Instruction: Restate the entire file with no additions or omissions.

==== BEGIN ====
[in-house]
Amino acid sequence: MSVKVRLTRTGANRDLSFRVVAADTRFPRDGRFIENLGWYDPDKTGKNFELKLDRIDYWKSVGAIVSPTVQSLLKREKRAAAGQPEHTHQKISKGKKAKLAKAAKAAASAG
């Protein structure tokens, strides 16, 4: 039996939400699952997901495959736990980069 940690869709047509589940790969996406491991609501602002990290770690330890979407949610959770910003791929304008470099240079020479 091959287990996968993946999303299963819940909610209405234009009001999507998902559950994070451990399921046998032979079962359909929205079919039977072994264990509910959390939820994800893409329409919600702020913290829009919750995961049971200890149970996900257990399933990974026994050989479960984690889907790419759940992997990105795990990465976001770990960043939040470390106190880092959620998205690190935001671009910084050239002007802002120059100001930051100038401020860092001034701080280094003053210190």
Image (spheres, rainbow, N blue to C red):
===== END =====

[in-house]
Amino acid sequence: MSVKVRLTRTGANRDLSFRVVAADTRFPRDGRFIENLGWYDPDKTGKNFELKLDRIDYWKSVGAIVSPTVQSLLKREKRAAAGQPEHTHQKISKGKKAKLAKAAKAAASAG
């Protein structure tokens, strides 16, 4: 039996939400699952997901495959736990980069 940690869709047509589940790969996406491991609501602002990290770690330890979407949610959770910003791929304008470099240079020479 091959287990996968993946999303299963819940909610209405234009009001999507998902559950994070451990399921046998032979079962359909929205079919039977072994264990509910959390939820994800893409329409919600702020913290829009919750995961049971200890149970996900257990399933990974026994050989479960984690889907790419759940992997990105795990990465976001770990960043939040470390106190880092959620998205690190935001671009910084050239002007802002120059100001930051100038401020860092001034701080280094003053210190």
Image (spheres, rainbow, N blue to C red):